On Wednesday, Stratolaunch’s Roc flew for the fifth time from California’s Mojave Air and Space Port (KMHV), bringing the Pentagon closer to new hypersonic test flights.
The Roc is the world’s largest plane by wingspan, and it’s designed to transport and launch the company’s rocket-powered Talon-A hypersonic vehicles for military and commercial usage.
At roughly 7:40 a.m. PT, Roc’s six Pratt & Whitney PW4056 turbofans and 385-foot wings lifted the 500,000-pound twin-fuselage jet above Runway 30. After nearly five hours of testing, the plane returned to KMHV at 12:37 p.m. PT.
Pilots Evan Thomas, Steve Rainey, and Jake Riley flew Roc with a 15-foot-by-15-foot pylon slung from the jet’s 95-foot centre wing for the first time, testing the device and several other onboard technologies. The crew retracted and extended Roc’s eight landing gear as a Cessna 550 Citation Bravo chase plane neared. The 8,000-pound pylon, though, received the most attention.
“It’s exciting to have the pylon on now,” Stratolaunch chief engineer Scott Schultz said.
“I’m excited about the pylon and the fact that we’re turning it into a flying launchpad.”
The role of the pylon cannot be emphasized enough. It is the core of Stratolaunch’s business strategy to launch small, autonomous, rocket-powered hypersonic testbeds from altitudes of roughly 35,000 feet. Roc’s business model crumbles in the absence of a pylon.
Talon-A is a testbed for Mach 6 that can be reused. A Talon-A separation test article is planned to be installed on Roc’s pylon for a separation test later this year. The pylon also houses updated Talon-A data collecting equipment and sensors.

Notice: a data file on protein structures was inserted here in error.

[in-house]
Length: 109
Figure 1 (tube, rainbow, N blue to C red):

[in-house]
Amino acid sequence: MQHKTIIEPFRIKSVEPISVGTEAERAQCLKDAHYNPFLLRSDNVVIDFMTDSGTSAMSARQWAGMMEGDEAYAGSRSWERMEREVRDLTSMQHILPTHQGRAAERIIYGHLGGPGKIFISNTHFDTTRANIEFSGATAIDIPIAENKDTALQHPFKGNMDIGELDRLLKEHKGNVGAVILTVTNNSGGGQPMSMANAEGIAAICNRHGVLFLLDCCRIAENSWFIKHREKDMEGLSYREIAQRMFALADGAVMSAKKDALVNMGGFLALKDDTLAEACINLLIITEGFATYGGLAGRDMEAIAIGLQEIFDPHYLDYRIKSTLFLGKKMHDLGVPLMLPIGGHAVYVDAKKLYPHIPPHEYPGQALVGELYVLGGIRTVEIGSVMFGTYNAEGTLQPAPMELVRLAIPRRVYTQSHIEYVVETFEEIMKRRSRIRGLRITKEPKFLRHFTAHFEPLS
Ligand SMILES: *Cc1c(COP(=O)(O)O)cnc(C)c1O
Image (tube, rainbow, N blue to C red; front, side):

Engineers will analyze data from Wednesday’s flight to determine how Roc flew with the pylon, including any detrimental flying characteristics.
“So one of the things we’re looking at is how this pylon affects the airplane as a whole,” Schultz explained. “How much rudder per beta? How much elevator per alpha? Are we on predictions from an alpha versus CL [lift coefficient] curve, which is how much lift the airplane makes with the angle of attack.”
“We’ve also got a significant amount of accelerometers on this pylon and throughout the airplane to measure buffeting coming off of the pylon that would shake the rest of the airplane,” Schultz said.
The pylon is constructed of metal with a carbon skin and will not be the final iteration.
“It’s designed for a very light launch vehicle like Talon, but we’ve baked in substantially more weight capability and margin than Talon—although it’s not quite a half-million-pound rocket structure yet,” he added.
Stratolaunch is planned to boost the frequency of its operations for Roc test flights. For example, Roc has flown in January, February, and now May of this year. This pattern is likely to expand in the future.
Stratolaunch CTO Daniel Millman urges the Pentagon to investigate flight testing technologies on low-cost testbeds that are “regular, routine, and reusable” as the Pentagon works to create hypersonic weapons.
Although Roc isn’t expected to fly until mid-to late-2023, Stratolaunch has a hypersonic research contract with the US Air Force Research Laboratory.
Furthermore, the company has agreed to supply “threat replication” to the Pentagon’s Missile Defense Agency to help scientists better understand how to engage and intercept hypersonic threats. Last month, Stratolaunch opened a permanent office in the Washington, D.C., region to help with future contracting.